Recently, more proof has come out that the supporters of the RH Bill are biased against Natural Family Planning.

The Iglesia Ni Cristo has, in recent days, upheld artificial contraception while condemning natural family planning. This, in effect, requires any member of the INC who wishes to practice family planning to use contraceptives.

If the supporters of the RH Bill are, as they say, not biased against NFP, then they should denounce the Iglesia Ni Cristo with equal fervor for condemning NFP, as they are now condemning the Roman Catholic Church for not accepting artificial contraception.

In fact, the supporters of the RH Bill are praising the INC to the high heavens for being so “enlightened” as to support artificial contraceptives while saying nothing about the INC’s condemnation of natural family planning. In the same way, the supporters of the RH Bill are crucifying the Catholic Church with their malicious propaganda even as they are giving no attention to its support for NFP.




All of these sections of the bill, and the behavior of this bill’s proponents, prove that this “Reproductive Health Bill” is dangerously full of lies and proposals that contradict its own principles.

A law as shabbily and deviously written as this does not deserve to pass.

This paper was distributed in the House of Representatives by pro-life advocates in 2008

The RH Bill: An Act of Religious Persecution


The word “totalitarian” is used to describe dictatorships (such as the Nazi and the Communist dictatorships) that rule and keep power not only by using brute military force, but also by forcibly indoctrinating its citizens into believing its ideology. Such dictatorships exercise “total” (hence “totalitarian”) control because not only do they control the lives of their citizens, they also control what these citizens think and want.

The Reproductive Health Bill is fully totalitarian in this respect. It requires that the Philippine government indoctrinate children and young couples into adopting a pro-contraceptive and (therefore) anti-Catholic ideology when it comes to Reproductive Health. Does the Philippine government want to become known as acting in the same manner and Hitler and Stalin?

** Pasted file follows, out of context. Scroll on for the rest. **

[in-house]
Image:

In Section 12 of the RH Bill, we find that the POPCOM is mandated to enforce a common “reproductive health” curriculum in ALL schools (public and private), for Grade 5 to 4th Year High School. This curriculum, among others, will cover “Reproductive health and sexual rights” and “attitudes, beliefs and values on sexual development, sexual behavior and sexual health”.

Since when has it been the government’s task to impose a common curriculum on ALL schools (and, therefore, on all students) and to dictate what our young and impressionable children should THINK and BELIEVE regarding sex?

Not even in the most liberated Western countries do we see anything like this!

What is more frightening is that the curriculum will be imposed on ALL schools, without respect for the religion or philosophy of that school. Therefore, Catholic, Protestant, Muslim and Buddhist schools will all be FORCED to teach the SAME BELIEFS about sex and “reproductive health”. Furthermore, this curriculum and the beliefs contained in it will be dictated by POPCOM – an institution known for its public and systematic criticism of the Catholic Church, affiliated with ideologues from UP Diliman (who are not known for their friendliness to religions of any and all stripes).

This is not the only such provision in the Bill.

Section 14 requires that any couple that wants to get legally married in this country must first go to their local Family Planning Office and be instructed about, among other things, “family planning” and “responsible parenthood.”